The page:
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The magnetic field induced by a coil

A stationary magnetic field generated by a given current density in a coil is computed. We used high order Nedelec elements (e.g. order 5), and iterative solvers with adjusted block smoothers.


Simulation of a transformer

NgSolve can simulate electromagnetic fields based on Maxwell equations. One typical application are power transformers. We can import the design of the transformer, generate fully automatic a finite element mesh, and run the simulation within 20 minutes on a desktop PC. Second order Nedelec elements have been used. The pictures show the magnetic fields on a slice through the highly permeable shields, the induced eddy currents in the casing, and Ohm's loss density:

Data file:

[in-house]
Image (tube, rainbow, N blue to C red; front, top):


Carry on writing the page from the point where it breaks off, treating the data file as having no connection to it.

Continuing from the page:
Trafo flux.jpg

Trafo currents.jpg

Trafo losses.jpg

Eddy currents in the busbars (the massive copper wires in a transformer). We have the eddy current model in the conductors, and can use magnetostatics in a big surrounding box:


Simulation of a machine frame

Netgen can import CAD files in IGES or Step format. A mesh of about 60k elements is generated within a minute. A static simulation is performed with 4th order elements, 1.5M unknowns, within about 10 minutes


Simulation of open resonances

The resonances in slat cavities are a major source of noise generated by an aircraft. We performed simulation of such open resonances [S. Hein, T. Hohage, W. Koch, and J. Schöberl: Acoustic Resonacnes in a High Lift Configuration Journal of Fluid Mechanics 582, pages 179-202, 2006]. The challenging part is the numerical treatment of the infinite domain. Here, we used the method of perfectly matched layers (PML). High order finite elements (with order up to 16), and Arnoldi eigenvalue solvers (with Krylov-spaces of dimension 500) were used. The first 3 cavity modes are plotted:




Some meshes generated by Netgen

A crank-shaft. The geometry was imported via STL:

Crankshaft mesh.jpg

The chest, data from X-ray examination: